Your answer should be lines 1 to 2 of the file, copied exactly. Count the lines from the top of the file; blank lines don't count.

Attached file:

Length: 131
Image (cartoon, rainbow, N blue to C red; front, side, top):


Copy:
Length: 131
Image (cartoon, rainbow, N blue to C red; front, side, top):